John is taking Japanese lessons now, and he thinks he's come upon at least a partial answer.  In Japanese, saying that you can't eat something doesn't mean you physically CAN'T, it means you don't want to.  The people John was telling probably thought that a little bit wouldn't really bother him, as long as it wasn't a prominent part of the meal.  Thank goodness he wasn't really allergic! Now that I think about this, I've been asked questions that I always thought were strange like, "can you drink green tea?"  Of course - why couldn't I?  But those people were probably asking if I would like to. According to John's teacher if you really can't eat something it's important to explain the reason or else it will probably be interpreted as a preference, not a necessity.  In Japanese "allergy"is アレルギー , note that it ends with the "gi" sound, not "ji" as you would pronounce it in English.

In other news, one week from today we'll be in Guam.  I can't wait!

Freshly dyed hair always makes me so happy. 
Blinging out my nails in true Japanese fashion.

Tuesday, February 18, 2014

Afternoon Tea at the Four Seasons Marunouchi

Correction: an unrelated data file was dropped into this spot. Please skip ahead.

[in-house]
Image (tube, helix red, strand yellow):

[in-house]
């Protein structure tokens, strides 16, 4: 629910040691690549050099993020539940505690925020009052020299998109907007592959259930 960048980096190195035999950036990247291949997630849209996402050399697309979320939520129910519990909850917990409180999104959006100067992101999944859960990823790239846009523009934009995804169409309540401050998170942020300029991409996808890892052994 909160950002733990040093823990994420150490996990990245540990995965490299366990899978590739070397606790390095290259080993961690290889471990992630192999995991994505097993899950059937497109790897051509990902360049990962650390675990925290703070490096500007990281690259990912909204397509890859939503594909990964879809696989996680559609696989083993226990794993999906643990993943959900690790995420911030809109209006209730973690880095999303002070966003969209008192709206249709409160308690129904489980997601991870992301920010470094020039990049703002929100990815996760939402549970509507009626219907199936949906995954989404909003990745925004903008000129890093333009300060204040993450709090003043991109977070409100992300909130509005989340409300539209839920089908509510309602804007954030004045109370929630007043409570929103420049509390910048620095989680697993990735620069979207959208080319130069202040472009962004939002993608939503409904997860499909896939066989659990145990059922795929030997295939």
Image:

Can you believe how quickly February is flying by?  If you asked, I would always say that February is my least favorite month.  It's the bitter end of winter dragging out, and it always makes me think of gray skies and and the sun setting too early.  But honestly, it's really not such a bad month, it's so short it really doesn't last too long.  And the days are definitely starting to lengthen, when I head home from writing it's only twilight instead of pitch black now.  It's also the only month I've ever known it to snow in Tokyo (not that my experience is very vast), which is fun in the short term.

Raku and I saved our third afternoon tea until February because December was already filled with too much indulgence and January was necessary just to get us back to our regular lifestyle (of both more disciplined writing and eating!)  It's been really fun going to tea once every season though.  I enjoy seeing how the menus reflect what's in season and figuring out which place might be best for each time of year.

This time we selected the Four Seasons because it seemed particularly good for a winter afternoon. They have a creative menu full of comfort foods that aren't the typical afternoon tea fare, like mini-burgers and churros, and they're the only place I know of that offers hot chocolate along with tea.  We'd also heard that they're especially good at the savory foods, instead of the sweet.  I could eat sweets all day long, but Raku has a savory-tooth so this seemed like a tea that would be perfect for her!  We had very high hopes, and maybe that was part of the problem (or maybe we are quickly becoming spoiled snobs,) but we both agreed that this was the most disappointing tea we've been too so far.